A Move, A Change, A Window That Won't Open This work has been published in the Teen Ink monthly print magazine.

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   I am from Somerville. I was torn from my home not long ago to attend the"Wildcat Band's" annual Band Camp. I knew no one ... a loner. Yes, Iattempted to be friendly with my Chuck Taylor's saying, "Hi there," butthat wasn't good enough. Mom said, "Now don't be upset, have fun!!!"But, with only three hours of sleep, fun was not on my vocab list.

MyAunty Bernie lives here in Wilmington, and when I came to her home a while back,I said, "Hey, nice place. Lots of trees. I'm never gonna live here."Dad said, "Now this is an ideal place. Lots of trees." Mom said,"Wow. There's a commuter rail. I can get to work easily. Plus, there arelots of trees." Big brother Alan grunted, "A lot of trees. When are wegoing home?"

Back to the story. I was a mallet player at band campalong with Alyson Beth. I felt very small under the huge trees of Camp Nokomisand in the band itself. I didn't like the breakfast there, nor did I like thetrillions of daddy longlegs in the shower stalls. I hated it. The only thing thatmade me feel happy was my daily affirmation book by Stuart Smalley, I'm GoodEnough, I'm Smart Enough, and Doggone It, People Like Me! Another thing thatboosted my self-esteem was that I was known before I arrived in the band. Iwasn't called Jen, I was "Hey you, the one that can make yarn mallets out ofyarn, one foot dowels, masking tape, and needles." The first day was thepits but I ended up having a good time.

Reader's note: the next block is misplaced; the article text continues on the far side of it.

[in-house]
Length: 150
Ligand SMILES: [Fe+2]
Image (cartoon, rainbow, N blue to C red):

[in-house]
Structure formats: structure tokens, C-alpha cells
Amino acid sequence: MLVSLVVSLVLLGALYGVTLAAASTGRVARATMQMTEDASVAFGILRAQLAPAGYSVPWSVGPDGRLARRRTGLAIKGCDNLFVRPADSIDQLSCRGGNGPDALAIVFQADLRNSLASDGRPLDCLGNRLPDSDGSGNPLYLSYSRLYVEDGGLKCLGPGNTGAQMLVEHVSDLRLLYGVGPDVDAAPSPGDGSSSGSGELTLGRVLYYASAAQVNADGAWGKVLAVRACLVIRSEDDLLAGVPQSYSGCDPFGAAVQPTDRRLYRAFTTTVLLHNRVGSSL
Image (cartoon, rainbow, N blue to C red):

I was happy to be "home"although I had an exasperating time finding my luggage among other garbagebag-wrapped parcels. I was at the foot of my new driveway when an ugly stenchnearly knocked me out. I wasn't familiar with the process of cleaning out septictanks.

I was really looking forward to cleaning out my new room. I plannedto put all of my wrestling posters on every wall so that I could feel at home. Iplanned to do so many things to my room, but no matter how many knick-knacks Idisplayed or how many pictures I put up, I didn't receive any warmth or comfortfrom my Somerville possessions. I was melancholy. I didn't like my newsurroundings nor the stench of human waste being pumped from my new backyard. Iwasn't used to this and it wasn't a lifestyle I could get used to.

Twodays later when the stench along with my sadness departed, I had this sudden urgeto open my bedroom window and let that cool country air calm down the humiditythat made men into monsters. I pulled. Nothing happened. No wonder, I thought tomyself as I observed this zany mechanism. It needed a key to open. I found thekey and inserted it in the proper position. It was jammed. Fury overtook me as Istarted to scream like a maniac at the window. I turned the key over and overagain when all of a sudden, it made a full one hundred and eighty degree turn. Alittle relief filled me as I opened that window with ease, but it wouldn't stayopen. I dropped onto my unmade bed with a feeling of grief, of unaccomplishment.I groaned and whined until the saints grew sick. Mom complained that if I didn'tstop complaining about everything wrong with the house, I would give her anulcer. I knew that I was unable to give her an ulcer because only she can giveherself an ulcer from frustration. I just lay there as Mom placed a stickunderneath the window that wouldn't open. c


This work has been published in the Teen Ink monthly print magazine. This piece has been published in Teen Ink’s monthly print magazine.






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